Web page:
# Scope Of A Variable

The scope of a variable determines the visibility of the variable to other parts of the code. While dealing with functions , the scope of a variable plays an very important role . Let us understand this with help of an example.

What do you think should be the output of the code given below?

``x = 100  def scope():    x=50 # value of x reassigned    scope()  # scope function invoked  print(x)``

output:
``100``

Did you expect the output to be 50 or 100 ??. We will answer all the questions by learning the LEGB rule that Python follows for deciding the scope of a variable.

LEGB Rule

L : Local

Variables declared within a function ( def or lambda ) that are local ( in terms of scope ) to that function .So in the code given below , x is locally defined for the local() function and hence its scope is limited within the function only.

``def local():    x=15    return x ``

E : Enclosing function locals

If there is no local variable inside a function , then Python looks for variables that are local to the enclosing function . So in the code given below , x has enclosing function locals scope with respect to function b ( and local to function a ). And that is we get 15 as the output.

``def a():    x = 15    def b():      # no local declaration      print(x)    b()      a() ``

output:
``15``

G : Global

if there is no local and enclosing function locals variable , then Python looks for global variables. So in the code given below , variable x is a global variable .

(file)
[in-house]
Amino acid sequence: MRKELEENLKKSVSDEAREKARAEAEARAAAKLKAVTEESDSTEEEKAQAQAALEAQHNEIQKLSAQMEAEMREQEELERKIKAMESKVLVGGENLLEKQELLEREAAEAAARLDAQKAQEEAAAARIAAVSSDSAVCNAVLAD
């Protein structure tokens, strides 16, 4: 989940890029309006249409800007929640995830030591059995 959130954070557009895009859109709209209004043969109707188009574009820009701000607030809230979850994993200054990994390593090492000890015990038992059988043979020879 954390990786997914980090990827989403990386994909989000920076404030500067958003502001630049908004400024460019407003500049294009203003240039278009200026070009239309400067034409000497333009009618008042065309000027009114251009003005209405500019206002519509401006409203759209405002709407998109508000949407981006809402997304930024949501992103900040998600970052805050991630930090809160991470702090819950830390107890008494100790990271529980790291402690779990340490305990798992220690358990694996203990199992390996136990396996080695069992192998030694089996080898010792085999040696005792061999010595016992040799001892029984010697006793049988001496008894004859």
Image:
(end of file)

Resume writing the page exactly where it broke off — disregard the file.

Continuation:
``x=15  def a():    #no local declaration    def b():      # no local declaration      print(x)    b()      a()``

output:
``15``

B : Built-in

If Python cannot find a specific variable declaration in the whole code then it starts to look in the built-in modules. So when you are using functions like range , len … well Python goes looking in the built-in modules to find their definition. The infographic below explains the chain that python follows to work with variables. Now coming back to the problem we discussed at the top of this section

``x = 100  def scope():    x=50 # value of x reassigned    scope()  # scope function invoked  print(x)``

The variable x that is defined within the scope() function is local to that function and so therefore it has no impact on the globally declared x variable and so that is why we get 100 as our output and not 50.